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some are still only half emancipated from idolatry, and when they eat such meat, feel that they are still acknowledging the idols whom they have renounced. In them it is sin to eat. And if

And if any of them see thee, which hast knowledge, sit at meat in the idol's temple, shall not the conscience of him which is weak be emboldened to eat those things which are offered unto idols, and through thy knowledge shall the weak brother perish, for whom Christ died? Remember, when ye sin so against the brethren, and wound their '

weak conscience, ye sin against Christ.

In the ninth chapter he urges this argument further by his own example. Do I myself, he says, , attempt to evade these principles of exalted charity? Am not I an Apostle ? if not an Apostle to others, certainly your Apostle ? Do I not forego every claim to maintenance and support from you, working with my own hands in order not to be burthensome to you? On what principle do you suppose that I relinquish these and other things, which I might most unquestionably claim and enjoy? It is for two reasons. First, for charity? I have become all things to all men, that I might by all means save some. And, secondly, for my own discipline and improvement; relinquishing justifiable ease and innocent enjoyment, thus keeping under my body, and bringing it into subjection, lest that by any means, when I have preached to others, I myself should be a castaway.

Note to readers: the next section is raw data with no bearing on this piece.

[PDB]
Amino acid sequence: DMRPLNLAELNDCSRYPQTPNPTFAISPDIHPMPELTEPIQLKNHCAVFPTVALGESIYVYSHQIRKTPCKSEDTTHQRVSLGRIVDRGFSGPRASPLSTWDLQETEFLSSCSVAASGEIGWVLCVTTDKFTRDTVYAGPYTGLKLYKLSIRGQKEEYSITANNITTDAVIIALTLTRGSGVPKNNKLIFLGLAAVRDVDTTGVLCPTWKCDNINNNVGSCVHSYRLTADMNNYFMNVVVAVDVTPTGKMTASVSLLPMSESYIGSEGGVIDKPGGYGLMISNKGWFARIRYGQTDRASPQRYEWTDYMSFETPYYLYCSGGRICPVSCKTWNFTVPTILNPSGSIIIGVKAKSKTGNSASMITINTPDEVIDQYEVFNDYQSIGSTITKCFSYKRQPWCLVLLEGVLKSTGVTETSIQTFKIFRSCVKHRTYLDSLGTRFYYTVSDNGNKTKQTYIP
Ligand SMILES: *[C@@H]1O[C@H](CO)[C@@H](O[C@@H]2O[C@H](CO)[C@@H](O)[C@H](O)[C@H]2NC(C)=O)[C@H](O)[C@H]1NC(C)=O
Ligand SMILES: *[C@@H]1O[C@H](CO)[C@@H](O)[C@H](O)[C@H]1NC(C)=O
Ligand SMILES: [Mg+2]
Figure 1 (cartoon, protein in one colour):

But further, he continues in the tenth chapter, this partaking of idol sacrifices is not so innocent a thing as it may seem. Consider what was the case with the Jews. They had some things which were analogous to our two characteristic rites, the Christian sacraments : for they were all baptized unto Moses in the cloud, and in the sea; and they did all eat the same spiritual meat, and did drink the same spiritual drink : when they were discontented with this spiritual food, and lusted after the flesh-pots of Egypt; and when, instead of adhering to the invisible God, whose pillar of cloud had led them through the sea, they sat down to eat and drink, and rose up to play before the golden calf in Horeb, God was displeased with them, and overthrew them with various and terrible judgments in the wilderness. Wherefore, my beloved brethren, be ye most cautious, lest inadvertently ye be betrayed into idolatry. I speak as to wise men; judge ye what I say. When we Christians bless the cup, and break the bread, do we not communicate with each other in one worship? When the Jews eat of the sacrifices, do they not thereby partake of the altar,—that is, communicate with each other in one worship? What do I say then? do I say that the idol is any thing, or that which is offered to the idol is any thing? No. But I say, that the things which the Gentiles sacrifice, they sacrifice to devils and not to God; and I would not that ye should have fellowship with devils. Ye cannot rightly drink both the